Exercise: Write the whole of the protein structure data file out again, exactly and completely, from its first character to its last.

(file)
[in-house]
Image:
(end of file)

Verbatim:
[in-house]
Image: